When McCarthy moved Diamond up to fourth level, she was concerned because her pirouettes were weak, but she said they were scoring 8s by the end of the season. McCarthy’s best score came in their fourth level, test 3, class (63.90%).

“It’s a good test for her with the shoulder-in on the centerline because she’s so straight and connected,” said McCarthy. “There are so many changes in the Prix St. Georges that she was a little tired.”

McCarthy, 24, started her own training business six years ago in Hampshire, Ill., and spends her days traveling between a few barns to teach her clients and ride.

“I’ve known Paulette since I was 10 years old,” said McCarthy. “My old trainer stopped training and moved out of state. When that happened Paulette switched to me. I think Diamond will definitely do Prix St. Georges and I1 next year. Paulette would love to see me do an FEI-level musical freestyle with her. Then she’ll be Paulette’s teacher. I’d love to see Paulette ride at the FEI levels.”

“They had one judge facing you, one judge behind you and one at C, so you couldn’t get away with anything,” said Akin. “The judges told me I did a good job half-halting, and I really rode with my seat.” Her score of 76.66 percent was enough to earn her the blue.

Upon returning home, Akin discovered that riding Volontaire had helped her with her own mare. “I learned so much from that horse,” she said. “I was riding my own horse better because I was having my butt kicked by this big, strong horse.”

They Were Rooting For Each Other

Akin didn’t have as much chance to socialize as she would’ve liked this year, but she did meet and cheer for Stephanie Early, who was staying in the same hotel and competing in the 13 and under division of the Finals.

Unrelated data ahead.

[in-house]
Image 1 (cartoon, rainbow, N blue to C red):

“It was really fun to meet different girls from across the country who love horses and do the same stuff,” said Early. “I was really nervous, but it was much more fun than I expected.”


One of the reasons it turned out to be so much fun for Early was that she won the warm-up class (80.00%) and the Final (80.33%).

Early didn’t even plan on attending the Medal Finals this year. Like Akin, she’d placed third at her regional qualifier. But when the first- and second-placed riders were disqualified because they were too old, Early received the chance to show off her skills.

Early flew out from Salinas, Calif., with her trainer, Jennifer Roth, and also borrowed a horse from the Barteaus, Gina Franz’s Sarasanna GP, a 6-year-old Hanoverian (Sandro Hit—Rionda).

“She was so much fun and gorgeous,” said Early. “She’s much bigger than any of the horses I’ve ever ridden, and she has a bigger gait. I rode Sara on Wednesday morning [before the show]. I could hardly get her to trot from the canter. It was hard to sit because she has such big movement. But by Friday I totally loved Sara, and now I miss her.”

Early felt more confident about her first day of competition than the final test. The younger division had to perform a three-loop serpentine in the sitting trot for the warm-up, and for the final test they rode a 20-meter circle, halted at X, and then did another 20-meter circle in the opposite direction.

“When I did the 20-meter circles on Saturday, I didn’t make it all the way to X,” said Early. “I was a little off, and I thought I’d totally screwed it up. I felt that I rode much better on Friday, and I got more of a chance to spread out from the other riders [in the group portion of the competition]. On Saturday everyone was pumped up and doing their best, and it was a lot harder.”

But despite Early’s doubts, the judges complimented her quiet, lovely seat and expressed high hopes for her future.

Early received her first pony at age 7. She started competing in hunter/jumper classes and always enjoyed the equitation classes. So when she began to focus on dressage, it seemed like a natural progression to try dressage seat equitation.

“I had a ton of longe lessons,” said Early. “My trainer had me get on other horses so I could get used to having the same position on any horse. It was fun, but it was pretty hard.”

What made the experience even more difficult was that she was taking the place of one of her best friends, Madeline Hays. Hays won the equitation class at the regional finals but discovered later that she should’ve been competing in the 14-18 division, since her 14th birthday occurred in 2007.

“Maddie was really nice, and she didn’t say anything, but that was awkward,” said Early, who just turned 14. Fortunately, Hays and Early’s other best friend, Leah Myers, had their chance to take home championships at the California Dressage Society Northern Junior/Young Rider Championships in August.

“It’s horrible competing against my best friends. I hate it,” admitted Early. So she’s hoping that in the next few years, the three of them can represent Region 7 at the North American Junior And Young Rider Championships as a team.

Sara Lieser